But Gabby and I fear the country has veered off course when it comes to one important issue: how we relate to guns. A basic freedom that both Gabby and I wholeheartedly embrace, the right to bear arms, has become radicalized.

    When guns get in the hands of the wrong people, as has happened all too often in recent years, they can transform even the safest places—a movie theater, a place of worship, a school, a shopping center—into combat zones. More and more over the past decades, guns have not only been used to keep the peace, but to rob us of our peace.

    Gabby and I came face-to-face with the most horrific aspects of America’s gun-violence problem on the morning of January 8, 2011. As Gabby was meeting with constituents in a Tucson shopping center, a young man wielding a semiautomatic handgun shot her in the head at close range. In fewer than fifteen seconds, he murdered six people, including Arizona’s chief federal judge and a nine-year-old girl, and wounded sixteen others.


    For the next two years, the most basic life-or-death questions consumed our family: Would Gabby survive the bullet through her brain? Would she walk again? Smile that smile that won my heart? Speak? Hug her friends?

    Miraculously—but with great difficulty and much painful work—Gabby has prevailed over the injury to her brain. We have shared joy and frustration, wins and losses along the way. Doctors, friends, family, and Americans everywhere helped us through the hardest moments, and they remain essential to my wife’s continued well-being.

    All along the way, Gabby’s ongoing recovery has compelled us to ask larger questions that confront us as a nation, and time and time again we returned to the subject of guns.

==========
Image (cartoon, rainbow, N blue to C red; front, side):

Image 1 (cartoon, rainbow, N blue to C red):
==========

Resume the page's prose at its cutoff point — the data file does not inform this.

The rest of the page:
What can we do to protect innocent Americans from the mass shootings that have become so commonplace in the years before and after Gabby was shot in Tucson? These tragedies are forever imprinted in our national consciousness: Virginia Tech, Aurora, Newtown, the Washington Navy Yard, Fort Hood—and these are only recent examples.

    Mass shootings, however, mask the toll of everyday gun violence that is horrifying in its banal frequency. More than thirty-one thousand Americans died by gunfire in 2010, over a third of these homicides. Add nonfatal wounds, and you have a national nightmare—one that makes our country stand out in the worst ways. The US rate of firearm homicide for children ages five to fourteen is thirteen times higher than in any other developed nation. Our gun-murder rate is about fifteen to twenty times the average of countries like France, Italy, Japan, and the United Kingdom.

    Why does this keep happening? Why are we just sitting back and watching while more and more innocent Americans lose their lives to gun violence?

    Gabby and I started to wonder if perhaps reasonable people—the overwhelming majority of us, after all—might be able to band together to make our country less dangerous. We began to ask ourselves: What can we do to keep guns out of the hands of people who cannot be trusted with firearms? How can we preserve the rights of law-abiding citizens to own guns for hunting and self-protection while keeping them away from criminals and the dangerously mentally ill?

    How can we give law enforcement the tools it needs to stop guns from being traded illegally by unscrupulous dealers? To bring criminals to justice by tracing guns used in crimes, and to make it harder for known stalkers and domestic abusers to acquire guns?


    After Tucson and the shootings that have followed, Gabby and I have returned to these questions again and again. She and I had dedicated our lives to public service, out of love and duty. Our work is not yet done.

    Gabby entered politics in 2000 when she was elected to the Arizona House of Representatives. Then, at just thirty-two, she became the youngest woman elected to the Arizona Senate. The voters of Tucson and Arizona’s Eighth Congressional District elected her to Congress in 2006. They reelected her in 2008 and 2010. As Congress convened on January 6, 2011, Gabby read the First Amendment of the Constitution on the House floor. Two days later, she was shot in the head.